You'd think gubernatorial candidate Paul Davis would want talk of his frequenting strip clubs to go away. You'd be wrong.
Davis' campaign complained late last week that Timothy Keck, Lt. Gov. Jeff Colyer's chief of staff, requested strippergate police reports from the Montgomery County Sheriff's Office days before the news story broke.
The Davis campaign alleges that the request was s misuse of state resources.
Davis campaign spokesperson said, "This is a disgusting revelation that puts a public employee in the middle of a smear campaign and likely using taxpayer money to fund it."
I don't even. Since when did Democrats care about wasting funding?
And it also begs the question I asked at the outset. A person of high moral character would wish the strippergate story would go away. However, knowing Davis schleps around "funding" struggling single mothers will likely entice more Dems to the polls. (They are so weird.)
Since I do care about the misuse of government resources, I would have a problem if Keck was spending hours and hours on opposition research while on the public dime. However, I know from experience that when dealing with a public entity that isn't a complete abomination (ahem. Derek Schmidt's office), a KORA request takes about 15 seconds. Keck could have made the request on his lunch break, or even a bathroom break. Keck has the right, as a private citizen, to request whatever records he wants.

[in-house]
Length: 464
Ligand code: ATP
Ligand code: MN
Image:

For what it's worth, the Brownback campaign responded that state law allows Keck to work on Brownback's campaign.
The law, Kansas Statute 25-4169, reads: "The provisions of this section prohibiting the use of time of any officer or employee for such (campaign) purposes shall not apply to an incumbent officer campaigning for nomination or re-election to a succeeding term to such office or to members of the personal staff of any elected officer."
Politicians always protect their campaigning activities via legislation.
Duh. As long as Davis has been in office and involved in politics, I'm shocked he didn't know this already.This is why political signs are always allowed, no matter particular covenants; why door-knocking for candidates is A-OK despite anti-solicitation laws; and why your phone number tied to your voter registration is released to candidates regardless of the no call list.